From an environmental point of view, breeding marine aquarium organisms helps to mitigate exploitation of natural ecosystems and reduce the catch of non-target species as well as the use of destructive fishing methods such as cyanide. It would allow full control of the supply chain, and supplies could also be continuously available at more stable prices. Unfortunately, these breeding activities could potentially deprive family farms or small-scale fisheries of a source of additional income.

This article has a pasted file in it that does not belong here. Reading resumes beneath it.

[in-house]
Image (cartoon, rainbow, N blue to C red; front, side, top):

The Food and Agriculture Organization of the United Nations (UN-FAO) defined the word ‘aquaculture’ as: “… the farming of aquatic organisms, in inland and coastal areas, including fish, molluscs, crustaceans and aquatic plants. Farming implies some sort of human intervention and the individual or a corporate ownership in the rearing process, to promote production, such as stocking, feeding and protection from predators” (FAO, 1995).